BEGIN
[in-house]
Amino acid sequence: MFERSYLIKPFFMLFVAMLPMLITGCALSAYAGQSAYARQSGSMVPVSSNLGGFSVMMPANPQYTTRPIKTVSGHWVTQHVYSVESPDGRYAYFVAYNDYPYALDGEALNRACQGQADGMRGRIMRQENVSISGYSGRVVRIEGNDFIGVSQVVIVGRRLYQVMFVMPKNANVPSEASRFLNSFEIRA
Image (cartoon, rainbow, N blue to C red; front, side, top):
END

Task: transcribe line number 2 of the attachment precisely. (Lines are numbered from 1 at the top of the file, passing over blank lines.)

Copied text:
Amino acid sequence: MFERSYLIKPFFMLFVAMLPMLITGCALSAYAGQSAYARQSGSMVPVSSNLGGFSVMMPANPQYTTRPIKTVSGHWVTQHVYSVESPDGRYAYFVAYNDYPYALDGEALNRACQGQADGMRGRIMRQENVSISGYSGRVVRIEGNDFIGVSQVVIVGRRLYQVMFVMPKNANVPSEASRFLNSFEIRA